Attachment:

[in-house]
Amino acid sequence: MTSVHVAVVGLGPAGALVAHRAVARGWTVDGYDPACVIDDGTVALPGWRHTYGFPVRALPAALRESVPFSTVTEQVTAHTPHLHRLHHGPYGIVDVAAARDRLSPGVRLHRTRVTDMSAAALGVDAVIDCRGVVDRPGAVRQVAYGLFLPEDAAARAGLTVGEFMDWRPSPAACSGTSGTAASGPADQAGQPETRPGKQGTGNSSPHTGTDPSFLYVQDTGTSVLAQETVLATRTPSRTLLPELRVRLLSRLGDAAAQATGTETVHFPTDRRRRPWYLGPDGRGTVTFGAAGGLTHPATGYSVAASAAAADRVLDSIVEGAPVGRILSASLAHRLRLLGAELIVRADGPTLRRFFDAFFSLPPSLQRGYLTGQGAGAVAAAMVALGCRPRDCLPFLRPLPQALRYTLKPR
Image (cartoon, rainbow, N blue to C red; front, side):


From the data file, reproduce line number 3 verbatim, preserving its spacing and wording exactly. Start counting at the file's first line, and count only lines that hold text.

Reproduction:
Image (cartoon, rainbow, N blue to C red; front, side):